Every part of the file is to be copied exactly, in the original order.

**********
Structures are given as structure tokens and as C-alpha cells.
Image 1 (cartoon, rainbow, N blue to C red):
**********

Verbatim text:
Structures are given as structure tokens and as C-alpha cells.
Image 1 (cartoon, rainbow, N blue to C red):